Would you bribe 500 KES to avoid paying 10,000 KES? My wife and I normally don’t
use Raul (our car) on weekdays. We use the buses and public transport to get
between places, chiefly because Nairobi traffic contributes to insanity. It’s a
theory but many will agree that it needs no proving. However, we make
exceptions when we know we will stay late in the city or have goods to carry
back home. On those exceptional days we use the car on weekdays. April 1st
was one of those exceptional days when we used Raul. As we approached a red
light near a round-about, we naturally stopped. It would be the one traffic
rule I wished I had broken. From the kerb, a police-woman wielding her stick at
a driver who almost ran the red light walked onto the road. Her eyes were
scouting for expired insurances. She inspected the cars on our right and
finally came to Raul. I wasn’t worried because everything about Raul was in
good condition- or so I thought. She tapped on my window. I lowered it.
“I said, turn your wheel. Your
front wheel is out of treads. I’m going to have to take you in.”
I stepped out of the car and
looked at the wheel. Indeed, Raul did need new feet. I was asked to park the
car of the side of the road. I knew the drill. Kenya’s police do not fine you
on the spot. They get into your car. They direct you to the police station as
they repeatedly state how serious the charges will be for the offence. As the
mention of charges make you flaccid with worry, fear and anxiety, they solicit
a bribe before you get to the station. The bribe, normally way less than the
charges, is painted as merciful aid to your sorry condition. Your compliance
through the bribe saves you the trip to the station and the offence is swept
under the rug. However, your defiance though silence and all those nouns that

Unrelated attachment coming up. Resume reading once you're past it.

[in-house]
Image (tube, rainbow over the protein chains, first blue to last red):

bespeak Truth, Justice and Patriotism lands you the following: a car
impounding, a verbal mocking from the police officer, an indemnity only paid in
cash at the station and four hours with a throng of petty offenders before a
court magistrate who cannot take “not guilty” for an answer.
The police officer asked to sit at the
front and have my wife move behind. I insisted politely that she sit at the
rear instead. She did. I changed my route from work and headed to the police station. I stopped by the ATM and withdrew the amount to settle the
offence in court. I requested to drop my wife at work, which the police officer
obliged to. As soon as my wife dropped off, the games began. The police officer
assumed co-driver position and played good cop. I prayed in my heart for the
Lord to grant me favour with her. I knew the breaking point was the bribe
soliciting. However, my faith in Christ Jesus was totally against it. My
studies of Mkenya Halisi by Eda Esilaba had given me new convictions. My
position as a professing Christian was at the brink of compromise.
“You know the fine is 10,000
“And the economy is very
Just as the sky is blue, I
thought. We turned into the street leading to the police station. She was
fishing but the bait wasn’t attractive to me. She figured I was either daft not
to catch her drift or stubborn to the core. She cut to the chase. The gloves
“If you give me 500 kes we
can forget this little incident.”
No hints. No gestures. No
false aid. I prayed hard for a way out of this mess.
“Look,” I said, “I know I
need to change that tire. But I’m asking for your pardon. I hardly use the car
except on weekends.”
“Yes, let’s forget it with
that 500 kes.” I paused for a moment but eventually said what my heart believed.
“Ma’am this is hard for me
as it is. I am a Christian...”
“And Christians don’t give